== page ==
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Oct 10, 2012

Mussels off the menu on the ABC

Yet Crikey suspects many media consumers, especially those who rely on the broadcast media for news, would be utterly confused about exactly why Peter Slipper resigned from the speaker's chair.

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It was a series of vulgar text messages from Peter Slipper — including one comparing  female genitalia to shell-less mussels — that eventually forced him out of the speaker’s chair.

Yet Crikey suspects many media consumers, especially those who rely on the broadcast media for news, would be utterly confused about exactly why the speaker has resigned. The mussels remark, first reported by The Australian Financial Review last Thursday, dominated parliament yesterday and is repeated in print today by The Age, The Sydney Morning Herald and The Australian.

The TV networks, however, have been far less forthcoming. In Channel Nine’s lead story 6pm news story last night, press gallery veteran Laurie Oakes said the remarks were “too disgusting for broadcast”. ABC political correspondent Mark Simkin, whose 7pm report was accompanied by a blurred graphic of a text message, also gave the remarks a wide berth.

As a rule, ABC online has referred only to Slipper’s “offensive language to describe female genitalia”. Lateline, which airs at at 10.30pm, also made no mention of the “m word” last night — even though host Emma Alberici conducted a 15-minute interview with Labor frontbencher Tanya Plibersek about the messages.

We’d be interested to know what Crikey readers think.

Do ABC viewers have a right to know what Slipper said in his texts and why he was forced from his post? Or are the remarks simply too unpalatable to broadcast? Have you heard the remarks repeated on radio or TV? We’ll follow up the issue tomorrow.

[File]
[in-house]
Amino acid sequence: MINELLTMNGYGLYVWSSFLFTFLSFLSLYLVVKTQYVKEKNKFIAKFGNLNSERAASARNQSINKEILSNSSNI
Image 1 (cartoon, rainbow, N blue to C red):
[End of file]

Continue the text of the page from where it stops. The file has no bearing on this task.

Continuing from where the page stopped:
Matthew Knot —

Matthew Knot

Crikey media editor

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11 comments

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11 thoughts on “Mussels off the menu on the ABC

  1. Chris_B

    I didn’t read the text message but the analogy may not be all that inaccurate if this photo is representative http://bit.ly/PoVxVf

    What strikes me, however, is the new meaning I now construe when I hear the phrase “Could I have a word in your shell-like?”

  2. David Heslin

    I don’t know about you guys, but I’m thoroughly disgusted. Not by Slipper’s private text messages, mind you — the man’s gay, he’s allowed to dislike vaginas — but by the fact that he was made to resign over them. It was completely contemptible of Abbott to raise this motion, and equally disappointing that Windsor and Oakeshott pushed the ex-speaker out of the aeroplane because of it.

    Let’s get one thing straight: unless Australia has suddenly morphed into an Orwellian state in which thought-crime is to be policed, I MUST be allowed to say whatever I damn well please in private conversation, whether that involve the c-word, m-word or comparison of sexual organs to any creature on God’s green earth, so long as it is not threatening, belittling or harassing to the direct recipient. I DO NOT believe that it should be the right of the opposition leader of Australia to call for my resignation from whatever position I might hold, however lofty, due to my conduct in private conversation. That is completely beyond the pale.

    I’m quite serious here. If you don’t support the right to be a juvenile, misogynist idiot in private conversation without being hounded from your job because of it, you don’t believe in freedom of speech. Actually, you barely even believe in a free society at all. If you still think that Peter Slipper did the right thing by resigning and that Tony Abbott did the right thing by tabling a motion to that effect, do us all a favour and take a hike to North Korea. This is not the sort of society I want to live in.

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